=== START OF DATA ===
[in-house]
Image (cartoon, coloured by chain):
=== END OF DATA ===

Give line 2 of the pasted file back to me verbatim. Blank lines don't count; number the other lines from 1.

Image (cartoon, coloured by chain):